By Sam Levin
By Jessica Lussenhop
By Sam Levin
By Timothy Lane
By Sam Levin
By Dennis Brown
By Chris Parker
By Sam Levin
Bad planning and weirdly designed freeways separate the Arch grounds from the rest of downtown. Blink while driving in on I-44, and you'll find yourself in ghettolicious southern Illinois instead of Laclede's Landing. (Oops.) Even if you take the trusty MetroLink, there's a good chance your path to the Arch will involve traipsing through the bowels of a parking garage — a fucking parking garage! — before you emerge at the Arch grounds.
Faced with similar conditions back in 1804, Lewis & Clark would have hightailed it back to Virginia.
And so we're delighted that the U.S. National Park Service is seeking to redesign the area surrounding the Arch. Next month, five finalists, all architecture firms, will unveil their plans for making the spot more accessible to downtown, linking it with East St. Louis and updating the grounds themselves.
Worthy goals, all of them.
But they're not enough.
After months of study and dozens of visits, we've come to a stark conclusion: It's not just the grounds that need updating. The Arch itself needs — nay, demands — work.
So what if it's an engineering marvel? It's one that reeks of early-'60s hubris. We're knee-deep in the great recession. Marvels and excess are out. Humility and functionality are in.
And sure, Eero Saarinen's design is graceful and all, but who needs graceful when you can have 3-D? Or computer-generated special effects? Times have changed. If America really wants to spend its discretionary income on Avatar, well, Scandinavian simplicity ain't gonna cut it.
Let's face it: It's time to drag this fair city and its premiere symbol into the digital era. And at the Riverfront Times, we're willing to do the dragging — along with handling the kicking and screaming if need be.
We talked to civic leaders. We polled our readers. We even interviewed a local celebrity or two. We believe that several of these local experts have ideas worth trying.
As for the others: Well, what do we have to lose?
People have always joked about how the Arch could become the Double Arches and form some kind of public-private partnership with McDonald's. Pardon me, but this is a Hardee's town.
I propose transforming the Gateway Arch into the new ThickArch. That name would coincidentally echo a new product available for a limited time at Hardee's restaurants across the country: The Angus ThickArch Sandwich will feature a whopping pound of charbroiled, certified Angus beef, twelve strips of bacon, eight slices of cheese and a veritable cup of tangy mayo.
In partnership with the sandwich, Hardee's will personally sponsor a widening of the Arch. This much-needed renovation will allow the Arch to accommodate today's Americans — not just the scrawny beanpoles who lived in the 1960s, but the bigger-boned folks common to the Midwest today.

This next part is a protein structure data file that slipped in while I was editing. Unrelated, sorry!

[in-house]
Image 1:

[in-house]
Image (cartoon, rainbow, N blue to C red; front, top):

Remember the claustrophobic ride to the top in a pod elevator that looked as though it came straight from 2001: A Space Odyssey? That's out. Imagine a smooth ascent on a double-wide escalator. And if you're heavy enough that you need a motorized chair to get around, the ThickArch can handle that, too.
As a final whimsical touch, to remind visitors of the delicious menu items available at Hardee's, the ThickArch will drip with our own special blend of ketchup, mustard and mayo.
VISIONARY: Tony La Russa, Cardinals manager and animal lover
CONCEPT: The ARFch
Animals need love. They need a place to run and play. They need a place to heal before they can be adopted into good homes.
I'm not asking St. Louis to give up eating meat. I gave up eating it, but I'm not asking that. I am asking them to donate the Arch to help animals live.
What's more important? A symbol of civic pride or new hope for dogs and cats? I'm going with dogs and cats every time. In honor of my charity, the Animal Rescue Foundation, I propose a new name: the ARFch.
I'll put my resources on the line. If St. Louis gives animals the ARFch, I'll give St. Louis Mark McGwire to manage it. Big Mac will have all those sick, weak animals looking big and strong and hitting dingers in no time.
VISIONARY: Bob Cassilly, sculptor and founder, City Museum
CONCEPT: Slinky Arch
To make the Arch truly special, you'd need to make it a giant art installation you can play in. Something anti-elitist.
I'm thinking of the Arch as a giant Slinky. Everyone loves a Slinky. And you could suspend an old MetroLink car from its apex. Who hasn't wanted to sit in a MetroLink that's about to pitch off the edge of the proverbial cliff? That's universal.
I'd also surround the Slinky Arch with a field of giraffes. There's a huge pent-up demand for giraffes.
VISIONARY: Heather Taylor, student, Mary Institute and Saint Louis Country Day School
CONCEPT: World's Largest Croquet Game
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